Encouraging kids to pursue film as a tool and an art form. Screenings and discussions of three short films, plus, screenings of films submitted by local young filmmakers. Hosted by Michael "Chappie" Grice.
"Chappie" Grice is a teacher, administrator, coach, mentor, researcher, college instructor, entrepreneur, arts advocate, raconteur, grandfather, and documentary filmmaker. He has worked more than 40 years in public education. He holds a B.A. from Cornell College (Iowa), and M.A.T. from Reed College (Oregon).
As a documentary filmmaker, his work, Black Families and the Railroad... was selected for the 2005 San Francisco Black Film Festival and the 2006 SF Noir Black History Month Celebration at the Sony Metreon. In 2007, his second documentary film Mr. Title I: The amazing Gus Hawkins was also selected by the SFBFF.
The non-profit PDX African American Film Festival provides a forum for African American film and filmmakers and celebrates their depth, contributions and history.
The PDX African American Film Festival was created by filmmaker Ron Craig, a lifetime Oregonian and the Executive Director and Founder of both Astoria Productions and the PDX African American Film Festival, has had a long love affair with independent films. It started with a visit to Paris as a young man of 21 in the spring of 1968. As he recalls, the students were after De Gaulle's head and they got it! Amongst all this chaos, Ron found his way to a number of independent film houses. These encounters changed his understanding of film as an art form, and inspired him to create his own film festivals. Ron's inspiration has taken him to produce three films to date, including, Searching for York, for which he received a 2008 Emmy nomination.
Astoria Productions realized a dream in 2007 of staging a world-class film festival on the northern Oregon coast: the Astoria International Film Festival. We now have the opportunity to share a new dream with the Portland community and beyond, with the annual PDX African American Film Festival.
In Kenya's Western Province, most drinking water is contaminated. The wood many Kenyans use to boil this water to make it safe is increasingly valuable. Women and girls, who bear the responsibility for finding water and fuel, often miss school or work while seeking both fuel and water. Some even encounter sexual violence. Yet waterborne illness remains a daily – and life-threatening – reality for them and their families. Carbon For Water introduces audiences to the inspiring people who face these hardships, and explores one company's innovative solution for improving the health of millions of Kenyans and the environment in which they live.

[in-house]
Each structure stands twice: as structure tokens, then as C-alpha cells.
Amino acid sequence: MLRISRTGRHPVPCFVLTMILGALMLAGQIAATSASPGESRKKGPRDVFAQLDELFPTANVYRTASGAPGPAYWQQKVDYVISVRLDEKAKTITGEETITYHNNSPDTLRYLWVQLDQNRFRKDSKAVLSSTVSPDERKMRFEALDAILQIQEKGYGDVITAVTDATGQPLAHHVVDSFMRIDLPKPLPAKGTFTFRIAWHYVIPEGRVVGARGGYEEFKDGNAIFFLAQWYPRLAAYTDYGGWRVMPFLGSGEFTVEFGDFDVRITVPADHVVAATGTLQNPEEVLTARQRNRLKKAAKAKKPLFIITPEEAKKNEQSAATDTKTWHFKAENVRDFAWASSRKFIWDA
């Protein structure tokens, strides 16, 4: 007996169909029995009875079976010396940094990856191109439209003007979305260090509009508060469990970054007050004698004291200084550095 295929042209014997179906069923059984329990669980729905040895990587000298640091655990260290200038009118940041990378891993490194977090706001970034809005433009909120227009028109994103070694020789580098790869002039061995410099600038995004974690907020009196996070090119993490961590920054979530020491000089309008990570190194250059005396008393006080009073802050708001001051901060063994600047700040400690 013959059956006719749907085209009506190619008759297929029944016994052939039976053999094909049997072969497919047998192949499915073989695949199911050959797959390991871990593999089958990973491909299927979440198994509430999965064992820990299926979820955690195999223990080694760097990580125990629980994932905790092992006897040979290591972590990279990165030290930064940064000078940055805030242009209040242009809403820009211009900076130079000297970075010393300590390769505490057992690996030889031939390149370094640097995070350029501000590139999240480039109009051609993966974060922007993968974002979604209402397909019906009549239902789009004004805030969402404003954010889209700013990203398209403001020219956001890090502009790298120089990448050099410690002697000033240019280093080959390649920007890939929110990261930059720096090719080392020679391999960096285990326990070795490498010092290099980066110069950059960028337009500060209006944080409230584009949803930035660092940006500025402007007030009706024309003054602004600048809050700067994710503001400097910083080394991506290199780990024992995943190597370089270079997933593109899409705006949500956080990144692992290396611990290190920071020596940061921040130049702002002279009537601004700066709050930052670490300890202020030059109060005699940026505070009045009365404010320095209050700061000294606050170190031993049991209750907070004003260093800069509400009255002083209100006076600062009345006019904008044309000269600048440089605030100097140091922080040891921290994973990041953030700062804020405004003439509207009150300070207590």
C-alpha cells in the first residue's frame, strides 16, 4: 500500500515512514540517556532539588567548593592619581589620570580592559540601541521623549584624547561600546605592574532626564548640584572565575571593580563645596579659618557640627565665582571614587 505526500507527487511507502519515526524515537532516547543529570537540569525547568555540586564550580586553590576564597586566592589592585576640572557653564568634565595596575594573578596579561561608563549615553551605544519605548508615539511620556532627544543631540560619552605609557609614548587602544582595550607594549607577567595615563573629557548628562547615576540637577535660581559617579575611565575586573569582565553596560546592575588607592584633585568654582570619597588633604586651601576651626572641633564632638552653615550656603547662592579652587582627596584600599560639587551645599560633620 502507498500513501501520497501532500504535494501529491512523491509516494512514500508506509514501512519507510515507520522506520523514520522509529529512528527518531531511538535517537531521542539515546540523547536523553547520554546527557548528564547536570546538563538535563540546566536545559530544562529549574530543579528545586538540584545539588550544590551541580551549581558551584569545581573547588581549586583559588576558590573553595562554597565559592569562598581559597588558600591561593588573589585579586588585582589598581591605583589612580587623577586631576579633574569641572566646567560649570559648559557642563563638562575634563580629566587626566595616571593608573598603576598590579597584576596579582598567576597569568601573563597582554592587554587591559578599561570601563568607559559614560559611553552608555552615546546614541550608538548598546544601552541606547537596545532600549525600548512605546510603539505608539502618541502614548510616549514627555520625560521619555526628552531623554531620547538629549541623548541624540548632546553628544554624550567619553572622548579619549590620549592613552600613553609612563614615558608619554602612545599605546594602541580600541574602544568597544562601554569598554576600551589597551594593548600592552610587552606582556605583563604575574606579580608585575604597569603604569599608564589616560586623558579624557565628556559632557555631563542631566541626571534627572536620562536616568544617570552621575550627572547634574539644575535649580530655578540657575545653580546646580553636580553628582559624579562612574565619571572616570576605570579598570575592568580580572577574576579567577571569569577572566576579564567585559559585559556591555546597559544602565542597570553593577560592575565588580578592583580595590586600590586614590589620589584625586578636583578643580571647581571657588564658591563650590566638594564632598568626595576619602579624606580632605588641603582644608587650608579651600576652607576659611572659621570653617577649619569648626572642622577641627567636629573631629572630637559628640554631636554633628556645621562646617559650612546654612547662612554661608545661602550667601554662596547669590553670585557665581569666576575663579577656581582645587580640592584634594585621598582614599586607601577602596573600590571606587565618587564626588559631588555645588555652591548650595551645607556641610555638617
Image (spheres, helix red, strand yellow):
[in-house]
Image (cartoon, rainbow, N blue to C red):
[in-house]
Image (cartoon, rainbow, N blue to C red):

A Film by Eduardo Montes-Bradley, this enlightening portrait joins African American social activist Julian Bond as he traces his roots back to slavery. A leader in the Civil Rights Movement, Julian Bond was among the founders of the Student Nonviolent Coordinating Committee, a leader of the 1963 March on Washington, and a Georgia legislator for twenty years. Now in his seventies, Bond recalls the experience of growing up in the segregated south, where his parents' belief in hard work and education lifted the family out of what he describes as an apartheid system. An erudite, well-spoken man, audiences visit his classroom at the University of Virginia where he shares with a new generation the turbulent years of the Civil Rights Movement. Julian Bond's recollections chronicle several turbulent decades of American history, as society was evolving to allow more opportunity to African Americans. An essential documentary for African American Studies, American History, and Sociology courses.
It is 1956. The previous year, 14-year old Emmett Till from Chicago had gone missing in Money, Mississippi. Later, the boy's mutilated body was found in a river. William Bradford Huie of Look magazine sits down with the two men acquitted for the boy's murder, Roy Bryant Jr. and J.W. Milam, to discuss the trial. Not a word had been uttered outside a courtroom by them or their kin, until now... Wolf Call, the true-story crafted from public record, transports us back to this historic drama that became a lightning rod for moral outrage and pivotal in inspiring a whole generation of young people to commit to social change in the 1950s.